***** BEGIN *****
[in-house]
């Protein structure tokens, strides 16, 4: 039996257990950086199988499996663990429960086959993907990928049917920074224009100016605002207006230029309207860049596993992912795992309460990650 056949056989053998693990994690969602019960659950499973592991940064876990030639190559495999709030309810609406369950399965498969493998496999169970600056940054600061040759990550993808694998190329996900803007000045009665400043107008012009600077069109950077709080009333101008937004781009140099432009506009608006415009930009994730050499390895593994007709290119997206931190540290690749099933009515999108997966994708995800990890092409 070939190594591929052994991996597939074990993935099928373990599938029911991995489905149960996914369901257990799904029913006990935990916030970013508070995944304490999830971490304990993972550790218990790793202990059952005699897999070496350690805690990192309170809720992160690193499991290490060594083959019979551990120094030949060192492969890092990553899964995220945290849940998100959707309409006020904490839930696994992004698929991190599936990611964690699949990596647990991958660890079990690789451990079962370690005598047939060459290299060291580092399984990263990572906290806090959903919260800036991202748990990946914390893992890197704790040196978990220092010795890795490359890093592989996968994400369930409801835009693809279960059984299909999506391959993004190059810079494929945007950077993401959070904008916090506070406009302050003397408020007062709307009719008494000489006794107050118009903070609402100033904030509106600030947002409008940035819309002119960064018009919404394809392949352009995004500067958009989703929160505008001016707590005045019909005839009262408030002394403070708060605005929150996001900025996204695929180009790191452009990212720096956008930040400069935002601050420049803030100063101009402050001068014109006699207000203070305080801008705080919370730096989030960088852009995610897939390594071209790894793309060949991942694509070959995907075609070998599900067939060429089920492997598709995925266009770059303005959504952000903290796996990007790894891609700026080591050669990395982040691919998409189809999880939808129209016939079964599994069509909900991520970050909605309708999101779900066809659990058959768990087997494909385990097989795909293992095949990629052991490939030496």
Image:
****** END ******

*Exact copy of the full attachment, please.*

[in-house]
């Protein structure tokens, strides 16, 4: 039996257990950086199988499996663990429960086959993907990928049917920074224009100016605002207006230029309207860049596993992912795992309460990650 056949056989053998693990994690969602019960659950499973592991940064876990030639190559495999709030309810609406369950399965498969493998496999169970600056940054600061040759990550993808694998190329996900803007000045009665400043107008012009600077069109950077709080009333101008937004781009140099432009506009608006415009930009994730050499390895593994007709290119997206931190540290690749099933009515999108997966994708995800990890092409 070939190594591929052994991996597939074990993935099928373990599938029911991995489905149960996914369901257990799904029913006990935990916030970013508070995944304490999830971490304990993972550790218990790793202990059952005699897999070496350690805690990192309170809720992160690193499991290490060594083959019979551990120094030949060192492969890092990553899964995220945290849940998100959707309409006020904490839930696994992004698929991190599936990611964690699949990596647990991958660890079990690789451990079962370690005598047939060459290299060291580092399984990263990572906290806090959903919260800036991202748990990946914390893992890197704790040196978990220092010795890795490359890093592989996968994400369930409801835009693809279960059984299909999506391959993004190059810079494929945007950077993401959070904008916090506070406009302050003397408020007062709307009719008494000489006794107050118009903070609402100033904030509106600030947002409008940035819309002119960064018009919404394809392949352009995004500067958009989703929160505008001016707590005045019909005839009262408030002394403070708060605005929150996001900025996204695929180009790191452009990212720096956008930040400069935002601050420049803030100063101009402050001068014109006699207000203070305080801008705080919370730096989030960088852009995610897939390594071209790894793309060949991942694509070959995907075609070998599900067939060429089920492997598709995925266009770059303005959504952000903290796996990007790894891609700026080591050669990395982040691919998409189809999880939808129209016939079964599994069509909900991520970050909605309708999101779900066809659990058959768990087997494909385990097989795909293992095949990629052991490939030496």
Image: